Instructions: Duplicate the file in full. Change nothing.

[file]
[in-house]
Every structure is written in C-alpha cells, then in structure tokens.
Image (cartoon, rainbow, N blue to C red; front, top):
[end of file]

[in-house]
Every structure is written in C-alpha cells, then in structure tokens.
Image (cartoon, rainbow, N blue to C red; front, top):